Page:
Pointing your controller in the direction of the object you want to grab will create a white halo around it, and pushing the grab buttons on your controller and flicking your wrist towards your body will pull that item into your hands. You’ll need to release and press the grab buttons again to catch the objects.
Object weight also comes into effect when using the Gravity Gloves: heavier or lighter objects will react accordingly, and for larger items, you’ll need to use both hands to catch them.
The Gravity Gloves are super easy to get the hang of, and with a little practice, the process becomes second nature. They also display your health as three hearts on the back of the hand.
Weapons in Half-Life: Alyx function quite differently from how they do in flat screen gaming. Rather than pressing a button to reload and benefiting from assisted aiming, you’ll need to aim freely and manually eject and insert your clips.
This makes fights more frantic, so it’ll be something you need to get used to. All firearms function the same way: press a button to eject a clip/shell, reach behind your head to your back pack and press the grab button to pull out new ammo. Then, load the weapon by doing whatever mechanical action is required for that specific gun. Ammo is displayed on the weapon.
Aside from firearms, Half-Life: Alyx also features two different types of grenades: Frag and Xen. Both offer different abilities but function the same — one-button arms them, and a physical throw dictates where they’ll go before exploding.
For a full overview of the in-game weapons and how they work, please see our Half-Life: Alyx Overview article here on the site.
Healing yourself from damage is quite different from how it was in previous Half-Life entries, but many aspects remain the same. For a big health boost, you’ll still need to use health stations. This is done by finding grub health canisters within a level, inserting them into a health station, and placing your hand on the designated platform.
There also exist portable medkits that function similarly to an eppy pen: take them out and stab them into your virtual body for a quick health fix.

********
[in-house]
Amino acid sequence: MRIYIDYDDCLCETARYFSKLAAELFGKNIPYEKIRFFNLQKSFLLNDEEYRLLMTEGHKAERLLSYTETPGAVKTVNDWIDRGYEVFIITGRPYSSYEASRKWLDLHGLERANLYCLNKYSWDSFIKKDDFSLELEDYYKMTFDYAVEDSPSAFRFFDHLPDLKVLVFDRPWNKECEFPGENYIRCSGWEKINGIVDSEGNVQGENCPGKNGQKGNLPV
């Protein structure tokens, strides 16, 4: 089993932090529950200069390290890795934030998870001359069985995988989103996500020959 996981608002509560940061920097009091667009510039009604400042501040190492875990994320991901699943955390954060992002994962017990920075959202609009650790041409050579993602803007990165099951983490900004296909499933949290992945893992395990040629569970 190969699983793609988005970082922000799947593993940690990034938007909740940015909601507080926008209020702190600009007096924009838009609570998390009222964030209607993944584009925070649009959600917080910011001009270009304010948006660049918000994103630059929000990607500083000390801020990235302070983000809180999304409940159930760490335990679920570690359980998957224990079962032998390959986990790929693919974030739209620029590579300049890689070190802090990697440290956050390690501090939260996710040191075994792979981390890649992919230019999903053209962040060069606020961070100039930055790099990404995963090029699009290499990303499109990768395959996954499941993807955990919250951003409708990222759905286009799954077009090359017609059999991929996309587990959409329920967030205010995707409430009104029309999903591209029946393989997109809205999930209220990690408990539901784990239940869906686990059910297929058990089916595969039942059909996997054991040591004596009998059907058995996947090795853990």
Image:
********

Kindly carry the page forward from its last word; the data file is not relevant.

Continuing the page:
Resin and Upgrading Weapons
You’ll soon come across little glowing rocks as you open draws and scavenge through decaying buildings. This is Resin, and it’s this game’s currency. You’ll use Resin once you find upgrade systems to buy attachments for your weapons. I won’t spoil discovering these upgrades for yourself, but know that they can be pricey and that different upgrades cost different amounts. You also can’t change your mind once you’ve decided on an upgrade.
Make sure you’re always keeping an eye out for Resin — it’ll make your journey through the game much more fulfilling, both in an explorative sense and through being able to use more satisfying and impactful weapons!
Puzzles and the Multi-Tool
As is commonplace in the Half-Life series, there are a multitude of clever puzzles that you’ll be required to solve in order to progress. Usually, these involve usage of Alyx’s multi-tool — a gadget fans of Half-Life 2 will remember her using to get Gordon Freeman and herself out of a number of sticky situations.
In this game, you’ll use it to unlock doors and locked compartments, and doing so usually requires you to solve a specific puzzle. These include the following:
- Wire puzzles: Puzzles that require the player to use the multi-tool to locate electrical wiring in a wall and then rotate junction points to create a complete circuit and open a door.
- Orb Puzzles: These puzzles necessitate a steady hand to maneuver a globe and a laser through a timed sequence. They come in many different varieties and get progressively harder throughout the game.